Marchetti, Louis / History of Marathon County Wisconsin and representative citizens
Chapter XXVII, pp. 427-437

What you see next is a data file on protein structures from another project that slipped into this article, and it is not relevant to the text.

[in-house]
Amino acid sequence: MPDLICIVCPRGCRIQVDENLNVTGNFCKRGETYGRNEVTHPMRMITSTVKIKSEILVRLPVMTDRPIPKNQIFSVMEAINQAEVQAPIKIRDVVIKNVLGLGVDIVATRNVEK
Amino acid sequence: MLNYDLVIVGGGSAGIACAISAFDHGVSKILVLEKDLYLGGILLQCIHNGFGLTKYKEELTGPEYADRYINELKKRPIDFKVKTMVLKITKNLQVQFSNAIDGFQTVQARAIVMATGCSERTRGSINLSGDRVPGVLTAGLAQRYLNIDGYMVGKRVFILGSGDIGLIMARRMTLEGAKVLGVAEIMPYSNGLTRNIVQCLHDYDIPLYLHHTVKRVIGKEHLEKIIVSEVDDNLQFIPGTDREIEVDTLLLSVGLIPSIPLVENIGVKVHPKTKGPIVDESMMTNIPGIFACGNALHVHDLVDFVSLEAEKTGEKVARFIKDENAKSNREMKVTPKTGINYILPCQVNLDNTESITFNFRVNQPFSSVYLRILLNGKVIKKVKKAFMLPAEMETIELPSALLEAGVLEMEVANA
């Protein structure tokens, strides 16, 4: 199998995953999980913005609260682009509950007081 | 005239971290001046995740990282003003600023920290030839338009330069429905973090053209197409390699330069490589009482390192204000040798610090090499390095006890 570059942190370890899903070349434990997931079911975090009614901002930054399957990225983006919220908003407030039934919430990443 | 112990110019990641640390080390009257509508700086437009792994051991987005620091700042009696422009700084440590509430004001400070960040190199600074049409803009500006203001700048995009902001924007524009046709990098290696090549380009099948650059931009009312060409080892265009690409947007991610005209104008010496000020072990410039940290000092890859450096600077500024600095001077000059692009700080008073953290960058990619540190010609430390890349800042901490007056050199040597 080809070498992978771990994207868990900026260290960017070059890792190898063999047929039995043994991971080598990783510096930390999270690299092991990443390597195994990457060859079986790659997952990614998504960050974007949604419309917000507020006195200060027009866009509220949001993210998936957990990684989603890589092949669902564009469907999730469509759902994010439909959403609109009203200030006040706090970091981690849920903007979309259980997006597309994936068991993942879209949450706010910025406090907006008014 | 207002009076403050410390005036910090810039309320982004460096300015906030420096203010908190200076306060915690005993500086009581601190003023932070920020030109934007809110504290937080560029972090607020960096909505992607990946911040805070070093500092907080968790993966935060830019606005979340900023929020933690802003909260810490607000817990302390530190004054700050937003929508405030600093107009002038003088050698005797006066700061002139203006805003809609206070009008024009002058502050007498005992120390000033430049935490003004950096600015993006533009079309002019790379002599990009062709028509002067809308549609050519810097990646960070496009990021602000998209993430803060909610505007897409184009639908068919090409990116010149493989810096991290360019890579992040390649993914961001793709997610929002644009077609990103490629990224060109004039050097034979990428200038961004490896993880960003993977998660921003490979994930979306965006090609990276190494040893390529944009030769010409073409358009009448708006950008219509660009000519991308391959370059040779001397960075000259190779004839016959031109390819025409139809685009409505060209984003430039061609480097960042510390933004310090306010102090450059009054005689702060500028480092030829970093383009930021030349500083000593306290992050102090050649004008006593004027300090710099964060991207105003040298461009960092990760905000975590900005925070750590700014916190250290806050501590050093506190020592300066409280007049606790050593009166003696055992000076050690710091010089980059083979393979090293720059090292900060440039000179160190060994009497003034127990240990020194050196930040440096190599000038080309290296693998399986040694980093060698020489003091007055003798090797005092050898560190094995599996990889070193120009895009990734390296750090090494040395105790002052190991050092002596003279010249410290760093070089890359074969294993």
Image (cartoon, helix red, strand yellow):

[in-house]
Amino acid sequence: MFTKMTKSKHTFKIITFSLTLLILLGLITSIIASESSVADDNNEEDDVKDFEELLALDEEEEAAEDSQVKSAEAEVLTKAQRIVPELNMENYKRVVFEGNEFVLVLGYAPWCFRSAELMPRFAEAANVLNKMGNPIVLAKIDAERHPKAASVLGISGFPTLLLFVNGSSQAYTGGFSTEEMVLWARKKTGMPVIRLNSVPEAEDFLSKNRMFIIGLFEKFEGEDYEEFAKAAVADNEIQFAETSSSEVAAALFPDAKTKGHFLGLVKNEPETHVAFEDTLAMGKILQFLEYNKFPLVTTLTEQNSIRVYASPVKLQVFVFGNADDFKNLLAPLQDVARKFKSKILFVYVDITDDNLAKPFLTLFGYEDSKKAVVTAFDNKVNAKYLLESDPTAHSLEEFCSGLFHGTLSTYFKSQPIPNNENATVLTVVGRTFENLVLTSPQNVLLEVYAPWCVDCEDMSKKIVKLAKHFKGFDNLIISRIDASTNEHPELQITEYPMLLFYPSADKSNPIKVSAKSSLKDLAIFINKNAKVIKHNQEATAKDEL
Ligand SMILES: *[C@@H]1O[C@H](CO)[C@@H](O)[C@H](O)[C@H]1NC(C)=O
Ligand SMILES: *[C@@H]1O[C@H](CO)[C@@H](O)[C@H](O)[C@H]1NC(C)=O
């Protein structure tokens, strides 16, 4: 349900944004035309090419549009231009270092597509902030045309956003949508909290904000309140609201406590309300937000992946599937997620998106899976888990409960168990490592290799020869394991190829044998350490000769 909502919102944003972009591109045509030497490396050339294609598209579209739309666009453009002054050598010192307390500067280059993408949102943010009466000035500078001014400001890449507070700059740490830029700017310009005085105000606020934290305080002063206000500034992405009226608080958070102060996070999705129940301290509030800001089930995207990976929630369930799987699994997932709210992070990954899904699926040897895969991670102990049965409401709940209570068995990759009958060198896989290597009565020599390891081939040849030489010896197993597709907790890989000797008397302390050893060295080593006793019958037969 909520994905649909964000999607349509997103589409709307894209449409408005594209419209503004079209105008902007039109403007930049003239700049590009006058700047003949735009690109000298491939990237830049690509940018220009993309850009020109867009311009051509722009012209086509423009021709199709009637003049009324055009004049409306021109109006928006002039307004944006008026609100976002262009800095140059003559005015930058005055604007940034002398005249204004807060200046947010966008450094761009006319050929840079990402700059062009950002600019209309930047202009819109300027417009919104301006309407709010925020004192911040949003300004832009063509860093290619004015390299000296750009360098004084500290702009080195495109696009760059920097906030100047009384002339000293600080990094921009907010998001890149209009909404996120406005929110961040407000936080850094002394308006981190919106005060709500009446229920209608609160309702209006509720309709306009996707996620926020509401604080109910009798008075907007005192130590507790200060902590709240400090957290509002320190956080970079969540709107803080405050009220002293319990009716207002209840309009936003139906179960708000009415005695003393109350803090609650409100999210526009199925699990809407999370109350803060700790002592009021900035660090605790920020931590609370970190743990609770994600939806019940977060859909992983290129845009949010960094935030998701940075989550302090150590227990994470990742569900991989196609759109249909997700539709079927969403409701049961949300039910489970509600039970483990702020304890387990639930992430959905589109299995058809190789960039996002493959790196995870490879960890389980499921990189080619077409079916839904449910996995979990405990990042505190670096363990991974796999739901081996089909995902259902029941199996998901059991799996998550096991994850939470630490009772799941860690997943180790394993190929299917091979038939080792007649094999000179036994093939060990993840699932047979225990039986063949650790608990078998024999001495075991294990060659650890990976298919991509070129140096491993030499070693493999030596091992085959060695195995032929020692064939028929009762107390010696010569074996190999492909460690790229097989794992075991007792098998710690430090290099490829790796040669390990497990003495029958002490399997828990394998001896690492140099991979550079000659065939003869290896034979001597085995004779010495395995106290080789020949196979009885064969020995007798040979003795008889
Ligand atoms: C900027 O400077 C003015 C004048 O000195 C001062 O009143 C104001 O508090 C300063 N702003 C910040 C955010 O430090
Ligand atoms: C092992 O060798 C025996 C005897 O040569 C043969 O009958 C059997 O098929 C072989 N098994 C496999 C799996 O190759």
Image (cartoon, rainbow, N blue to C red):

HISTORY OF MARATHON COUNTY THE PROFESSION OF DENTISTRY. The science of dentistry is a comparatively new one, and can hardly be said to have existed up to the end of the first half of the last century. The remedy for a sore tooth was extraction, which was considered to be within the sphere of the surgeon and his assistants. In large cities on the old con- tinent, where hospitals existed and yet exist, in charge of clerical orders, there was always one or another of the brotherhood who extracted teeth free of charge, the instrument used being generally the "key," so called, an instru- ment of torture, as all older people will remember on whom it was used. It has gone out of use entirely. Of course there were no dentists here for many years, the settlement antedating the science of dentistry. A dentist, a Mr. Hoffmann, practicing in Stevens Point, came up here usually three or four times a year, taking a room or rooms in the Forest House for a week at a time to cure dental disorders. When he ceased to make regular trips to Wausau, a dentist from Portage City took up his prac- tice, until J. C. Bennett established himself at Wausau in the year 1878. Having acquired a good practice, he gave himself up to drink, and when in 1880 E. L. Hogle from Stevens Point came to open dental offices, Bennett walked in Hogle's office one day and fired a shot at him from a shotgun, which killed Hogle instantly. On the first trial held in Wausau, Bennett was convicted of murder in the first degree, but the verdict was set aside by the supreme court, and on a second trial in La Crosse Bennett was acquitted. The defense in both trials was insanity, delirium tremens. After his acquittal Bennett moved to Pennsylvania and died lately. Soon after this occurrence Dr. Edward E. Lawrence appeared, soon fol- lowed by Doctor Conlin, and Lawrence removed after a practice of three years, leaving Doctor Conlin here as the oldest practicing dentist, and next in point of practice here is Doctor Douglas. The profession is now worthily represented by the following: DENTISTS IN PRACTICE IN 1912. Anderson, Gilbert C.; office, 22o Third street. Chubbuck, Charles W.; office, 517 Third street. Conlin, Bernh. H.; office, 508 Third street. Joslin, Frank; office, Livingston Block, No. 2. Kolter, Jaoob H.; office, 52o Third street. Lawrence, William T.; office, 517 Third street. Lemke, August H.; office, 312 First avenue South.
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